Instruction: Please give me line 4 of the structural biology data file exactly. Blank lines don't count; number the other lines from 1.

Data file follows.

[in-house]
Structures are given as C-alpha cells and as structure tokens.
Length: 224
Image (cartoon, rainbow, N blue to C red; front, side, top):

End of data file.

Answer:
Image (cartoon, rainbow, N blue to C red; front, side, top):